And meanwhile, back on this planet, no, he isn't/can't.

Even assuming a death row inmate made a sympathetic complainant, state bars do not sanction attorneys for mere errors; sanctions are only forthcoming for willful misconduct. (And severe sanctions come only for theft of client funds.) And as for malpractice, good luck finding an attorney to take that one. Among other problems, what are the damages?
7.27.2006 7:18am
Mahan Atma (mail):
"He did not say that any death penalty defense attorney had done this; he said that under current death penalty jurisprudence, they should."

I read what he wrote, and it's disingenuous. If he doesn't think anbody will actually act this way, then what difference does it make? Why bother to mention it? How does it imply there's something wrong with the jurisprudence?

"He might be wrong [...] but demonstrating that requires, you know, demonstrating that. With evidence. "

Seems to me he's the one who ought to demonstrate it with evidence. It's his assertion, written into his opinion. Why would you assume he's right and shift the burden to me to prove him wrong?
7.27.2006 10:21am
Colin (mail):
Well, the obvious answer would be because anti-capital punishment judges are desperate to find any excuse, no matter how ridiculous, to overturn a death sentence, even when there's not the slightest shred of doubt as to guilt.

No matter what the ill, sooner or later, someone will always blame it on activist judges.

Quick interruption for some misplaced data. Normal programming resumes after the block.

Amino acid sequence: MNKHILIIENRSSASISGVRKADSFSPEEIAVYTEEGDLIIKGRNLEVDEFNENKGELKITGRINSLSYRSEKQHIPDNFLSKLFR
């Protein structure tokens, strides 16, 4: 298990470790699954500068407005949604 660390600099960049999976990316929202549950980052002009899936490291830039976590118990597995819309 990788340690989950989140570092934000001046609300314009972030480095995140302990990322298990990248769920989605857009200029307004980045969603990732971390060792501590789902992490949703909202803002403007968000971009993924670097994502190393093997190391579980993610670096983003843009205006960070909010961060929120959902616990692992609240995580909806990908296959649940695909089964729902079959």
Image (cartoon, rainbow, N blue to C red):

7.27.2006 12:28pm
Kovarsky (mail):
David,

Kovarsky, your argument is flawed because you don't understand that a conviction and death sentence come in two separate phases. You can give a fully optimal defense in the guilt phase (thereby keeping the risk of a conviction as low as possible) while giving a sub-optimal defense in the penalty phase (thereby increasing the chance of winning on IE grounds).

I'm not going to get trapped in this "aha - but this is my job" gotcha stuff, but rest assured that I understand the difference between guilt and sentencing phases of a capital proceeding. And IE claims can go to either one. An my math would apply with equal force even if your incorrect assumption - that this dynamic is stronger in the punishment phase - were true. In fact, one of the more frequent IE claims is failure to investigate ballistics or forensics properly on the guilt/innocence phase.
7.27.2006 12:33pm
Kovarsky (mail):
somebody should check boggs' opinions on waht he thinks about qualified immunity. maybe he laments the incentives this sets up for government officials to engage in civil rights abuses. or maybe he laments 28 u.s.c. 2254 (ha!), because a rational state will provide the minimal procedural safeguards and substantive rules of decision to avoid being "unreasonably" constitutional.

boggs' opinion is infuriating because it is so obviously disingenuous.
7.27.2006 12:55pm
David M. Nieporent (www):
or maybe he laments 28 u.s.c. 2254 (ha!), because a rational state will provide the minimal procedural safeguards and substantive rules of decision to avoid being "unreasonably" constitutional.
That doesn't make any sense. What he's arguing is that the current caselaw provides perverse incentives. Whatever one thinks about the wisdom of various provisions in 28 USC 2254, they don't.

Ditto for qualified immunity. It may be wise or unwise, but it doesn't create an incentive for government officials to misbehave. It merely potentially fails to provide a disincentive.


An my math would apply with equal force even if your incorrect assumption - that this dynamic is stronger in the punishment phase - were true.
Not in the least. Your math was based upon the (probably correct) assumption that the potential gain is outweighed by the huge risk, because (as you state) "the fact is that the single best predictor for an execution is a conviction." The risk isn't the same at the sentencing phase.
7.27.2006 2:02pm